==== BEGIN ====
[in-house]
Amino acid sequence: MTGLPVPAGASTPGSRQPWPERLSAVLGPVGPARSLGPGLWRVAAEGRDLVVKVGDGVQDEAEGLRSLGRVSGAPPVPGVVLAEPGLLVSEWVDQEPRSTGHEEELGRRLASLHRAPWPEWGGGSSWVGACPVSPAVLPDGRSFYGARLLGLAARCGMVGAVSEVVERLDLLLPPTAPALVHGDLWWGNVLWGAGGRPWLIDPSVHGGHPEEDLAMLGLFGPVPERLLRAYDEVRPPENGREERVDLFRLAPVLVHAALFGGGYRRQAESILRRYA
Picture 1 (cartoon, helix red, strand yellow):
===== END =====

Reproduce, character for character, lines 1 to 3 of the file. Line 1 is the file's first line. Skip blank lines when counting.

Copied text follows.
[in-house]
Amino acid sequence: MTGLPVPAGASTPGSRQPWPERLSAVLGPVGPARSLGPGLWRVAAEGRDLVVKVGDGVQDEAEGLRSLGRVSGAPPVPGVVLAEPGLLVSEWVDQEPRSTGHEEELGRRLASLHRAPWPEWGGGSSWVGACPVSPAVLPDGRSFYGARLLGLAARCGMVGAVSEVVERLDLLLPPTAPALVHGDLWWGNVLWGAGGRPWLIDPSVHGGHPEEDLAMLGLFGPVPERLLRAYDEVRPPENGREERVDLFRLAPVLVHAALFGGGYRRQAESILRRYA
Picture 1 (cartoon, helix red, strand yellow):